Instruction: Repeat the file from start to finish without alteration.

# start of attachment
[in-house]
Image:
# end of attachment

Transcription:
[in-house]
Image: